A bird dropping a baguette temporarily shut down the $5 billion Large Hadron Collider earlier this month. But scientists have a good feeling about the restart, which is slated for Friday, the The Guardian reports.
Over the weekend, Cern ran particle beams through the Large Hadron Collider for the first time since it was shut down last September. After a helium leak caused magnets to overheat, operations at the LHC were suspended for cleanup and repairs. After tests on October 23 and 25, scientists hope to have the LHC running again in full by November.
While the LHC's in the shop for repairs from its massive breakdown last September, an older particle accelerator might beat them to finding the Higgs boson, the fundamental particle thought to give matter mass.
At a conference last week, Tevatron physicists threw down the gauntlet, vowing that by 2011, the Tevatron accelerator (located at Fermi National Accelerator Lab outside Chicago) will be able to definitively prove or disprove the existence of the Higgs boson.
The National Synchrotron Light Source was commissioned in 1982, and it remains one of the world's leading experimental light sources. But with so much of today's science happening on the nano-scale, the '80s technology doesn't quite have the resolution to keep up. The $912 million NSLS-II, which is slated to go live in 2015 -- if funding comes through -- will have the most concentrated, brightest radiation beam in the world: 10,000 times brighter than its predecessor -- not to mention 10 billion times brighter than the sun.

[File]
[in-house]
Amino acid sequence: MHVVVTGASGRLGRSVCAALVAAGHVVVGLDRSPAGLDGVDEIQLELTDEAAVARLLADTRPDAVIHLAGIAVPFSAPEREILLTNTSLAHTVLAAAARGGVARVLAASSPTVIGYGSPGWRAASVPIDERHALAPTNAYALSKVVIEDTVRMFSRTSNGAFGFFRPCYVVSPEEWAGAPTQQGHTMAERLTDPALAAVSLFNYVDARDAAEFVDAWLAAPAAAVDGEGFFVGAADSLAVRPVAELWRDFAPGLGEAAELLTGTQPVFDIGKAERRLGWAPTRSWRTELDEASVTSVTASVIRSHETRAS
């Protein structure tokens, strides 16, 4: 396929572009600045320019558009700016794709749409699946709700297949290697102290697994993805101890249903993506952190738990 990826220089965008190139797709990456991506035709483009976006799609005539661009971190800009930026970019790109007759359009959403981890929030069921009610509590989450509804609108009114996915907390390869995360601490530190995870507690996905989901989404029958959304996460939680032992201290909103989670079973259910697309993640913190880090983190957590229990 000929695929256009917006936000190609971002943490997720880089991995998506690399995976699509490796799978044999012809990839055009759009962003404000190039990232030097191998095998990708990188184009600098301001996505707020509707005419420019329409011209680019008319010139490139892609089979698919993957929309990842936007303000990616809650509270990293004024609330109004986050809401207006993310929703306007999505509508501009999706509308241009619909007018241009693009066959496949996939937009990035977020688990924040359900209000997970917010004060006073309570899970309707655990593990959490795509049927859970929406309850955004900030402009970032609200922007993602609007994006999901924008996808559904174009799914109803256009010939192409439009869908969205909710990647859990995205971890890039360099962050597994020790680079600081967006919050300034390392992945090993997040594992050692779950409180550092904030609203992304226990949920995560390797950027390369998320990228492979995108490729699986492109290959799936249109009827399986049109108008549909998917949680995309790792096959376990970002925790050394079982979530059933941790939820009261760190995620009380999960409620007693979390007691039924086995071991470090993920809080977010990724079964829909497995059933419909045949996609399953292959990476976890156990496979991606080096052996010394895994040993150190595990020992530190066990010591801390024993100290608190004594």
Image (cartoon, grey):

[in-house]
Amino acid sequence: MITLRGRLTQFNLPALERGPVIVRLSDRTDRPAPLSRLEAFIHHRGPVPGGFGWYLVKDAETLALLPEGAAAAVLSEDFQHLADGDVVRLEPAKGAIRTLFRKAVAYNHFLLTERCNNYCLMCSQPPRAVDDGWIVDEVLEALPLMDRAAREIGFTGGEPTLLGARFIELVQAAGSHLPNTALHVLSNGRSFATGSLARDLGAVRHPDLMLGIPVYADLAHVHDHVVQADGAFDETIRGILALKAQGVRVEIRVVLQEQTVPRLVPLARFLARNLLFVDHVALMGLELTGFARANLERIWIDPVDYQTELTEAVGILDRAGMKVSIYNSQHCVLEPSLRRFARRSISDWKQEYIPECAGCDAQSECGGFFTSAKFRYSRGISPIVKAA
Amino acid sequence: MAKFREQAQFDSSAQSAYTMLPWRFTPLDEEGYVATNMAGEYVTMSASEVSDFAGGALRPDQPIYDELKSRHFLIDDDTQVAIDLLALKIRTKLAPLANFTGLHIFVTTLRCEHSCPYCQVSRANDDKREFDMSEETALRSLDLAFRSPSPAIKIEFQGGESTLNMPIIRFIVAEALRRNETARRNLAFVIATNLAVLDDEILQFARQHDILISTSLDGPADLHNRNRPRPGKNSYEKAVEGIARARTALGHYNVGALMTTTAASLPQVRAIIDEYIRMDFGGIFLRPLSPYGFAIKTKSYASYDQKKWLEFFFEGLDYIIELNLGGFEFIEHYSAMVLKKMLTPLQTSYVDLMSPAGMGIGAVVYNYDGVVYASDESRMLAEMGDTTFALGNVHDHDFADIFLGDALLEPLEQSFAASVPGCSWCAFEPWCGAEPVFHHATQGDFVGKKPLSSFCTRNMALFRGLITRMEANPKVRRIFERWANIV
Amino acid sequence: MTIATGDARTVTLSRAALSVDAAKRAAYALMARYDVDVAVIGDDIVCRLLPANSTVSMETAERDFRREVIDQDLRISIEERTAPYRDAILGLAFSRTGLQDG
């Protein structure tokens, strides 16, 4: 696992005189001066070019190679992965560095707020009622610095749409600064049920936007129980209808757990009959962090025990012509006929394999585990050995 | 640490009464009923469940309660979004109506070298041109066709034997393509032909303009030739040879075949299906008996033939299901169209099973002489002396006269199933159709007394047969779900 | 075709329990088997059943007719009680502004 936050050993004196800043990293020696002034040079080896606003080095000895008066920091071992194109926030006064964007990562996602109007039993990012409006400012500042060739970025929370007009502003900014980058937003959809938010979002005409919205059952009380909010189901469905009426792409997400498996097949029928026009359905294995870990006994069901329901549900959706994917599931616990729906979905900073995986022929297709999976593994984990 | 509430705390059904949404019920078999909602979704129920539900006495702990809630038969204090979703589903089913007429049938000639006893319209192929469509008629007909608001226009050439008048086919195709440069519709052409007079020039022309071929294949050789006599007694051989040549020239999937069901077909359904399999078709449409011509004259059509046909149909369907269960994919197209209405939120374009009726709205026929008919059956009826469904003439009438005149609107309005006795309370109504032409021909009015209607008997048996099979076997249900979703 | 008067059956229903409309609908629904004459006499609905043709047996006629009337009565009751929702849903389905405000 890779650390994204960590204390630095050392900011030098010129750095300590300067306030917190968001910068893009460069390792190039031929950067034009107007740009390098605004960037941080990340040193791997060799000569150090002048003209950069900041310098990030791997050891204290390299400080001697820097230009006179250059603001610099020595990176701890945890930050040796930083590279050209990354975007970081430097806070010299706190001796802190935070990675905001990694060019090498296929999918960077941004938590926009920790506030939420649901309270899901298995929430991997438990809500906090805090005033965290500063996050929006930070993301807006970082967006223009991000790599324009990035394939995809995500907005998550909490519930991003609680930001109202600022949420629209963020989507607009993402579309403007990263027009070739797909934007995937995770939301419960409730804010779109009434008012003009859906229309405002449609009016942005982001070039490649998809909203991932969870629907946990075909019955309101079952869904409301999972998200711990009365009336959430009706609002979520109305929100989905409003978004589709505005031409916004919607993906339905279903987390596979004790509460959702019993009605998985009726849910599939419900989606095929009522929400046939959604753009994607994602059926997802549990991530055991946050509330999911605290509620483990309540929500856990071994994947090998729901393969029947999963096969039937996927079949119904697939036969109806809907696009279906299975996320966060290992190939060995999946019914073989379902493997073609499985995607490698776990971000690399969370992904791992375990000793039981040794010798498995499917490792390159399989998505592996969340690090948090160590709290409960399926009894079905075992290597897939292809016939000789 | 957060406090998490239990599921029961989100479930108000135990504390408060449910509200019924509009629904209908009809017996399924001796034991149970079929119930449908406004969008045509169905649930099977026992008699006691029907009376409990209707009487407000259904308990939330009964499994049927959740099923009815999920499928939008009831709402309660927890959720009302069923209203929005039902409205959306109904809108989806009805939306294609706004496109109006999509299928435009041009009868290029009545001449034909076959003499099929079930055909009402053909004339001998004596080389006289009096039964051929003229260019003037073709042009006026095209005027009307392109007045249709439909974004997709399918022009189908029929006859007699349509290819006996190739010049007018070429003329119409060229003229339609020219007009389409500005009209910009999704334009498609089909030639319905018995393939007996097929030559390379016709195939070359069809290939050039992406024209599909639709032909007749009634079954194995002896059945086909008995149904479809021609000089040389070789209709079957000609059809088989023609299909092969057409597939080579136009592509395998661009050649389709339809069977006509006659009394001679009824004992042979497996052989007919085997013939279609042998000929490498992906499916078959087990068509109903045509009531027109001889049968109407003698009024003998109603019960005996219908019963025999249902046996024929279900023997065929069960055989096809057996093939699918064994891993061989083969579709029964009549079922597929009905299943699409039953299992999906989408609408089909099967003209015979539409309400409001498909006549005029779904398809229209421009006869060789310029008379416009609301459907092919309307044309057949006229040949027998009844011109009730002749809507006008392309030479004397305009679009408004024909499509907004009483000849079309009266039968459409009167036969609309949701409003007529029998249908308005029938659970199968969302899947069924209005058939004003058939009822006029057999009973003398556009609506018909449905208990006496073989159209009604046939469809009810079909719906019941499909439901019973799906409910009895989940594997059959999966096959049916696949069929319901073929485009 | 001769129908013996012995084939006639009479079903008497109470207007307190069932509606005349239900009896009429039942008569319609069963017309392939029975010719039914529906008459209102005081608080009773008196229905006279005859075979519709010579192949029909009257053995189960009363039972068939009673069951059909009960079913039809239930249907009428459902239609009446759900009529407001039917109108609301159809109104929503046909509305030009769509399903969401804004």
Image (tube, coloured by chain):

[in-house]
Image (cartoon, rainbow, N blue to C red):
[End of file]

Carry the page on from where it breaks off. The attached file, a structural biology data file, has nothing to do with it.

The purpose of the LHC is to get lots of protons moving very, very fast. The magnet system is the core piece of technology that makes this happen. More than 1,200 magnet sections, each weighing 10 tons, bend proton beams through vacuum pipes around the 17-mile-long underground tunnel near Geneva. Since these protons are going so fast—99.9999991 percent of the speed of light—superconducting coils of niobium and titanium must produce a magnetic field that's about 200,000 times as strong as Earth's to bend them.
The most powerful and complex science experiment in the history of the universe is finally—after 14 years and $10 billion—about to begin. There’s no telling what it may find, and that’s entirely the point
The proton is a persistent thing. The first one crystallized out of the universe's chaotic froth just 0.00001 of a second after the big bang, when existence was squeezed into a space about the size of the solar system. The rest quickly followed. Protons for the most part have survived unchanged through the intervening 13.8 billion years—joining with electrons to make hydrogen gas, fusing in stars to form the heavier elements, but all the while remaining protons. And they will continue to remain protons for billions of years to come.
Is that a likely situation? No matter; Popular Science has the answers
By Danny FreedmanPosted 08.01.2008 at 1:09 pm 12 Comments
Well, it's never a great idea to stand next to a machine that could create black holes, but the magnets that steer the proton beams around the planet's most powerful particle accelerator would probably spare you from excess radiation. Then again, there is the off chance that some 300 trillion protons could erupt from the device and kill you on the spot.
If you know anything about black holes, you probably think their shape can only be spherical. But they might also be shaped like tiny doughnuts. And if that's true, we might be living in a five-dimensional universe.
By Michael MoyerPosted 05.28.2002 at 1:47 pm 0 Comments
THE PAPER: A Rotating Black Ring Solution in Five Dimensions
THE JOURNAL: Physical Review Letters, March 11, 2002
THE AUTHORS: Roberto Emparan and Harvey S. Reall
THE GIST: If you know anything about black holes, you probably think their shape can only be spherical. But they might also be shaped like tiny doughnuts. And if that's true, we might be living in a five-dimensional universe.